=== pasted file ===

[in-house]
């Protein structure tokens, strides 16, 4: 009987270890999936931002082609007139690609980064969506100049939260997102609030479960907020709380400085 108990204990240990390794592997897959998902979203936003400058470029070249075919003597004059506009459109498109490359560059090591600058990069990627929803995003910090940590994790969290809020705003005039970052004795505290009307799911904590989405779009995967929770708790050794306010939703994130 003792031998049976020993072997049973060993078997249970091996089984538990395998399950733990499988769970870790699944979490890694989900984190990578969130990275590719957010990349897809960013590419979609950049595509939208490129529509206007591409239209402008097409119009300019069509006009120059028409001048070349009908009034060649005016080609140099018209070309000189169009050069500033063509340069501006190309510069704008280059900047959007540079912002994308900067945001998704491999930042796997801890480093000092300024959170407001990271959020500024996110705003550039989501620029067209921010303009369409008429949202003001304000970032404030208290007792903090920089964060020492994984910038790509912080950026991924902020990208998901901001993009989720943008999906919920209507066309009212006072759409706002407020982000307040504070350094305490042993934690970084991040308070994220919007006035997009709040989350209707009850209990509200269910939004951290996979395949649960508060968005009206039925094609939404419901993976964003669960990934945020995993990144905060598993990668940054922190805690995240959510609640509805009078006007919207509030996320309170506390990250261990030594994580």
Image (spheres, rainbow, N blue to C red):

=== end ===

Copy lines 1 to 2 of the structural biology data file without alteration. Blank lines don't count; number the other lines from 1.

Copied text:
[in-house]
């Protein structure tokens, strides 16, 4: 009987270890999936931002082609007139690609980064969506100049939260997102609030479960907020709380400085 108990204990240990390794592997897959998902979203936003400058470029070249075919003597004059506009459109498109490359560059090591600058990069990627929803995003910090940590994790969290809020705003005039970052004795505290009307799911904590989405779009995967929770708790050794306010939703994130 003792031998049976020993072997049973060993078997249970091996089984538990395998399950733990499988769970870790699944979490890694989900984190990578969130990275590719957010990349897809960013590419979609950049595509939208490129529509206007591409239209402008097409119009300019069509006009120059028409001048070349009908009034060649005016080609140099018209070309000189169009050069500033063509340069501006190309510069704008280059900047959007540079912002994308900067945001998704491999930042796997801890480093000092300024959170407001990271959020500024996110705003550039989501620029067209921010303009369409008429949202003001304000970032404030208290007792903090920089964060020492994984910038790509912080950026991924902020990208998901901001993009989720943008999906919920209507066309009212006072759409706002407020982000307040504070350094305490042993934690970084991040308070994220919007006035997009709040989350209707009850209990509200269910939004951290996979395949649960508060968005009206039925094609939404419901993976964003669960990934945020995993990144905060598993990668940054922190805690995240959510609640509805009078006007919207509030996320309170506390990250261990030594994580």